New remote sensing data from NASA’s Jason-2 satellite show near-normal sea-surface height conditions across the equatorial Pacific Ocean. This neutral, or “La Nada” event, has stubbornly persisted for 16 months, since spring 2012. Models suggest this pattern will continue through the spring of 2014, according to the National Weather Service’s Climate Prediction Center.
“Without an El Niño or La Niña signal present, other, less predictable, climatic factors will govern fall, winter and spring weather conditions,” said climatologist Bill Patzert of NASA’s Jet Propulsion Laboratory, Pasadena, Calif. Long-range forecasts are most successful during El Niño and La Niña episodes. The “in between” ocean state, La Nada, is the dominant condition, and is frustrating for long-range forecasters. It’s like driving without a decent road map — it makes forecasting difficult.”
The near-normal conditions are shown in a new image (as areas shaded in green), based on the average of 10 days of data centered on Aug. 27, 2013.
For the past several decades, about half of all years have experienced La Nada conditions, compared to about 20 percent for El Niño and 30 percent for La Niña.
Patzert noted that some of the wettest and driest winters occur during La Nada periods.
“Neutral infers something benign, but in fact if you look at these La Nada years when neither El Niño nor La Niña are present, they can be the most volatile and punishing. As an example, the continuing, deepening drought in the American West is far from ‘neutral,’” he said.
The height of the sea water relates, in part, to its temperature, and thus is an indicator of the amount of heat stored in the ocean below. As the ocean warms, its level rises; as it cools, its level falls. Yellow and red areas indicate where the waters are relatively warmer and have expanded above normal sea level, while green (which dominates in this image) indicates near-normal sea level, and blue and purple areas show where the waters are relatively colder and sea level is lower than normal. Above-normal height variations along the equatorial Pacific indicate El Niño conditions, while below-normal height variations indicate La Niña conditions. The temperature of the upper ocean can have a significant influence on weather patterns and climate. For a more detailed explanation of what this type of image means, visit: http://sealevel.jpl.nasa.gov/science/elninopdo/latestdata/.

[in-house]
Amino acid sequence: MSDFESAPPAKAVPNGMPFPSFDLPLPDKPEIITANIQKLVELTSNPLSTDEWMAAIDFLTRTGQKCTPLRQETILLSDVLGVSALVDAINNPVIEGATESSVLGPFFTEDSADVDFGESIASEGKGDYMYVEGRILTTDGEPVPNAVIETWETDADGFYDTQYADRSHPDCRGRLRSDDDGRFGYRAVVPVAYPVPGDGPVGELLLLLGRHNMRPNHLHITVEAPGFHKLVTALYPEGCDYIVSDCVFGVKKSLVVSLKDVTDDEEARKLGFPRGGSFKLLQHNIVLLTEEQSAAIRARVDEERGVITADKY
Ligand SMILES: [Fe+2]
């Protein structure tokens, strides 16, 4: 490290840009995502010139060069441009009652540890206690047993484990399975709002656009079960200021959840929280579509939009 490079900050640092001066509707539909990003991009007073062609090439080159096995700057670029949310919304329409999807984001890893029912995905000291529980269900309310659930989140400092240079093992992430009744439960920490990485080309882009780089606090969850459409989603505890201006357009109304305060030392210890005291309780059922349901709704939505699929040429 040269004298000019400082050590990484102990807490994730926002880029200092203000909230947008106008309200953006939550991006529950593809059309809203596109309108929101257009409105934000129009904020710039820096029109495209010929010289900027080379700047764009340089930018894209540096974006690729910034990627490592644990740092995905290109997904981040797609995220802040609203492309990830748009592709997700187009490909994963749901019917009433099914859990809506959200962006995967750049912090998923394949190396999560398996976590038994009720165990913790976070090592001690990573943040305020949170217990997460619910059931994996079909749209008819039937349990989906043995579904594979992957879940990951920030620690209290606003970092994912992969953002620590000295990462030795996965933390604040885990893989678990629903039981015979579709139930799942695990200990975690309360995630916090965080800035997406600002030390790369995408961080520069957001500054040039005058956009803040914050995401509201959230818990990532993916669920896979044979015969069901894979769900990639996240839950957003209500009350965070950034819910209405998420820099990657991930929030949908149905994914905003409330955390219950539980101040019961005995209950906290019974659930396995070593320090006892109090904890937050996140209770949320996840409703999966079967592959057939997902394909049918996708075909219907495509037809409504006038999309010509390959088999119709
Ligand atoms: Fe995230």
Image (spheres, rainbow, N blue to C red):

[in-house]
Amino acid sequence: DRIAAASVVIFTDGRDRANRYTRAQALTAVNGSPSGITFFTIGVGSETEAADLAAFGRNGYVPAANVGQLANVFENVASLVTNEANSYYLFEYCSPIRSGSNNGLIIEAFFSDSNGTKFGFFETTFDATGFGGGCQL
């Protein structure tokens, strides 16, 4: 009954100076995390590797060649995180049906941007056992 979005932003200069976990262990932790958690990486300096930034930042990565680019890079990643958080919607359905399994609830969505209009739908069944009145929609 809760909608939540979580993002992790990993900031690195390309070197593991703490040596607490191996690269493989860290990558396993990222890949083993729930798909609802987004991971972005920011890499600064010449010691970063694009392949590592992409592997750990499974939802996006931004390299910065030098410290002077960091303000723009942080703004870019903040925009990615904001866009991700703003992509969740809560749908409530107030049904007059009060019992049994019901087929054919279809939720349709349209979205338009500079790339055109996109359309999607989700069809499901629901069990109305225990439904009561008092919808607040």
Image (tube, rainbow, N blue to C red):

This latest image highlights the processes that occur on time scales of more than a year, but usually less than 10 years, such as El Niño and La Niña. These processes are known as the interannual ocean signal. To show that signal, scientists refined data for this image by removing trends over the past 20 years, seasonal variations and time-averaged signals of large-scale ocean circulation.
NASA scientists will continue to monitor this persistent La Nada event to see what the Pacific Ocean has in store next for the world’s climate.
The comings and goings of El Niño, La Niña and La Nada are part of the long-term, evolving state of global climate, for which measurements of sea surface height are a key indicator. Jason-2 is a joint effort between NASA, the National Oceanic and Atmospheric Administration (NOAA), the French Space Agency Centre National d’Etudes Spatiales (CNES) and the European Organisation for the Exploitation of Meteorological Satellites (EUMETSAT). JPL manages the U.S. portion of Jason-2 for NASA’s Science Mission Directorate.
In early 2015, NASA and its international partners CNES, NOAA and EUMETSAT will launch Jason-3, which will extend the timeline of ocean surface topography measurements begun by the Topex/Poseidon and Jason 1 and 2 satellites. Jason-3 will make highly detailed measurements of sea level on Earth to gain insight into ocean circulation and climate change.
For more on NASA’s satellite altimetry programs, visit: http://sealevel.jpl.nasa.gov.